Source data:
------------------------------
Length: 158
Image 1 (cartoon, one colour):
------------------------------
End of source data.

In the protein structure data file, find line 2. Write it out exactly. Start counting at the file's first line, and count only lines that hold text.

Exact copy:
Image 1 (cartoon, one colour):